Medicaid has an old rule that says it won’t pay for substance abuse treatment if a facility has more than 16 beds. Now, as it faces an opioid epidemic, Alaska can ignore that restriction.
Gov. Bill Walker said the good news came Wednesday in a call from the White House: The federal agency in charge of Medicaid has granted the State of Alaska’s request for a waiver.
The state said the waiver makes an additional 66 treatment beds available for Medicaid patients struggling with drug addiction. The 16-bed limit came in the original Medicaid law in 1965. It was designed to ensure that states remained responsible for funding psychiatric hospitals.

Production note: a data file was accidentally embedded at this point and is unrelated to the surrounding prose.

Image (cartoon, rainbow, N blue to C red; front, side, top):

Alaska’s new waiver also expands options for community-based treatment and for medication-assisted treatment.
- Formerly known as the Willoughby District, the area will now be known as the Aak’w Village District, paying homage to its original residents.
- Former Alaska state Rep. Jason Grenn sponsored an ethics law last year that affects legislators' per diems. He called a recent vote on retroactive per diem payments "sad."
- Sovereign Bill voices Molly Mabray in "Molly of Denali," the first Alaska Native lead character in a nationally-broadcast children's program.
- Pride week in Juneau featured something new this year: a party just for LGBTQ middle school and high school students.